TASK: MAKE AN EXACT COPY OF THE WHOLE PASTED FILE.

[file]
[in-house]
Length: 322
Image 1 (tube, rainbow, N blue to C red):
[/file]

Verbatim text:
[in-house]
Length: 322
Image 1 (tube, rainbow, N blue to C red):